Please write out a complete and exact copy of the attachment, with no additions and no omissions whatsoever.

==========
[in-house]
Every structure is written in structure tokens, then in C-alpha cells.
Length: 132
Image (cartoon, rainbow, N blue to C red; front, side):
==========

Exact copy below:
[in-house]
Every structure is written in structure tokens, then in C-alpha cells.
Length: 132
Image (cartoon, rainbow, N blue to C red; front, side):